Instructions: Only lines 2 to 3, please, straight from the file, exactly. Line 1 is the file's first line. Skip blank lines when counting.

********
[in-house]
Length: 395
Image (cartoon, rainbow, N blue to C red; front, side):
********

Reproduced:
Length: 395
Image (cartoon, rainbow, N blue to C red; front, side):